Cookie Consent by Free Privacy Policy Generator
14.1 C
Monday, July 15, 2024

Solberg prepares for a third term

Prime Minister Erna Solberg summed up the first half of this year by concentrating on policy victories but also admitting to defeats for the minority conservative coalition government she leads. Solberg, who says she’s “amazed” by the weakness of her arch rival Labour Party, has also confirmed that she’s gearing up for a third term as Norway’s premier.

Prime Minister Erna Solberg met the Norwegian press in the garden of her official residence in Oslo on Tuesday, to sum up the year so far. PHOTO: Statsministers kontor

At a traditional pre-summer meeting with reporters, Solberg predictably stressed her government’s accomplishments. “This year we can take summer holiday with the knowledge that the sun is shining on the Norwegian economy,” Solberg said in her remarks delivered outdoors in the garden of the prime minister’s residence. Companies in Norway look positively to the future, Solberg added, and once again face the challenge of finding enough workers.

She launched her mid-year assessment by highlighting Norway’s low unemployment levels, so low that the country basically has full employment. She’s pleased by new labour agreements regarding pay and pensions, while her biggest disappointment was the opposition parties’ success in tightening rules for hiring in workers on a temporary basis. Her government and Parliament agreed that it was a challenge, especially for the construction industry, to find enough workers in the Oslo area, but then Parliament made it more difficult to hire on a temporary basis across a wide range of sectors without, according to Solberg, knowing what the consequences will be. Labour and other opposition politicians defend their stricter hiring rules as a means of fending off social dumping.

Solberg is already gearing up to run for a third term as Norway’s premier. PHOTO: Statsministerens kontor

While Norwegian media stressed all the defeats Solberg’s minority government has endured, Solberg said she was proud of reforms aimed at improving elder care and efforts to draw world attention to the seas, and the need to keep them sustainable. There’s no doubt, thugh, that she’s had huge challenges since winning re-election last September, from the loss of her Conservative Party’s president of the Parliament over his poor management of a building project to all the outcry that led to the forced resignation of Justice Minister Sylvi Listhaug, which nearly brought down the government. Solberg’s government also had to swallow a new sugar tax to win the Christian Democrats’ support for the state budget, a compromise on and more opposition to sending rejected young refugees back to Afghanistan and outrage over some of the forced mergers of municipalities and counties, not least between Finnmark and Troms. The fall parliamentary session is sure to offer more challenges.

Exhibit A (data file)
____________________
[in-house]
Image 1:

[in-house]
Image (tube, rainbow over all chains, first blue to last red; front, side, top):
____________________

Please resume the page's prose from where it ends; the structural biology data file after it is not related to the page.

Solberg’s Conservative Party has risen in public opinion polls, though, and now ranks as larger than Labour, which has been riddled with conflict and crisis since losing last fall’s election. Solberg told newspaper Aftenposten on Tuesday that she’d had faith her party would rise in the polls, but said she’s “more amazed that Labour has become so weak.” She cautioned that it’s “a long time until the next election” (in 2021) but asked whether she plans to campaign for a third term as prime minister, Solberg said: “Yes, I’m planning for that now.”

She’s also stil trying to woo the Christian Democrats into joining her government, which would give all four non-socialist parties a majority in Parliament. “I believe they (the Christian Democrats, which have been falling in opinion polls) would have had more success if they were sitting in the government,” Solberg told Aftenposten. She stressed, though, that only the Christian Democrats can decide what’s best for them, and act accordingly.

Solberg’s session on Tuesday was the last of the political parties’ status reports before the July summer holiday period. Formal debate will resume in mid-August, not least during a week of political events in Arendal, before Parliament re-convenes in October. Berglund



For more news on Arctic developments.



If you like what we’re doing, please consider a donation. It’s easy using PayPal, or our Norway bank account. READ MORE